I’d be foolish to pretend that secondary school was a breeze with nystagmus. There were two ways to go about it; suffer in silence, or rise to the challenge. As for me, admittedly I did both.
The first obstacle was getting there, which shouldn’t have been a problem because I lived local. My mum walked with me there countless times, but due to my lousy sense of direction I could never remember the way. Fortunately a few of my friends lived near me so I walked with them. Then there were dips and uneven curbs along the pavement, not to mention the branches that appeared out of thin air to whack me on the head. It took me awhile, but once I had familiarised myself with the way to school, I got used to the path itself.
Bullying is something that every child fears when they take the leap from primary to secondary. Me? I was petrified. I was so scared of being singled out that I did not mention my visual impairment to anyone; I was ashamed of my wobbly eyes. I chose to suffer in silence. Although my mum made the school aware of my nystagmus, I still walked, unchallenged by the teachers, to sit at the back of the classroom with the ‘cool kids’.
That didn’t last long, and I was soon pulled back after class by my English teacher who asked me if everything was okay. Straight away I told him that I couldn’t see the board, but I couldn’t just move to the front because my classmates might pick on me. I got quite upset; English was my favourite subject.
The next day when I came into class, he had devised a seating plan that positioned me in the front row. Virtually everyone moaned, but he blamed it on his inability to learn everyone’s names if they kept on switching seats.
Each year group in my school had at least two hours of Physical Education scheduled per two week cycle. Some people may think that two hours isn’t long at all, but it seemed to drag on forever (especially when we were forced to go outside in the winter wearing shorts and a t-shirt!!!) I HATED it. The sport side wasn’t too bad though. It was when it came to picking teams. Everyone knew how bad I was when it came to running, catching a ball, trying to hit a ball with a bat – anything related to hand eye coordination. It was never a surprise when my name was reluctantly called last of all, even then it was obvious that they’d rather be one person down than have myself on the team. Even when my friends were chosen as team captains, I was still the last one standing. Regardless, each time without fail, I could not help but feel isolated, unwanted, excluded.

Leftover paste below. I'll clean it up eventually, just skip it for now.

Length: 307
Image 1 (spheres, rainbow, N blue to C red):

Half way through my first year, our English teacher set us an assignment; individually, we had to deliver a presentation in front of the class: something interesting about ourselves. Guess what I did? Nystagmus and how it affects me.
Unfortunately I got marked down on my assignment for pronouncing ‘congenital’ as ‘continental’, but at least the others remembered that. From then on I was called ‘continental nystagmus’, which kind of broke the ice. As my time at secondary school drew on, people became more accepting of my nystagmus, partly because of my presentation – the school even put yellow lines at the end of the stairs because I misjudged a step in year eight, tearing all the ligaments in my ankle (mum said that they should have been there already, but that’s beside the point!!). None of my classmates laughed at me when I screamed and ducked from a netball instead of catching it, they laughed with me.
Yes okay, there was still the odd ignorant guy who would call me four-eyes, or a girl who would snigger to her friends about my wobbly eyes, but what doesn’t kill you makes you stronger. I rose above it. I knew that I was the better person. I walked up to them and showed them the yellow card I got from Nystagmus Network that I kept tucked inside my blazer pocket, explaining in brief about nystagmus (a quick guide for teachers). Mortified that I confronted them, they never bothered me again.
Because of my eyes, I got extra time for my exams, starting from my year nine SATS. All the students who had extra time sat the exams together in a classroom, rather than the main hall with the rest of the year. It was far less stressful, which meant that my eyes wobbled less. Happy days! If I wanted to I was even allowed to have a five minute sleep on the desk!
In fact, I remember finishing my English paper early, so spent the remainder of the time staring at the back of this guy’s hair – my future boyfriend. But that’s another story in itself.
Do you know what? Secondary school days were hard – but with determination and honesty you can get through it! If I can educate a school with 1500 pupils and staff about an eye condition they knew nothing about, then you can too! Don’t be ashamed, be proud that you’re unique!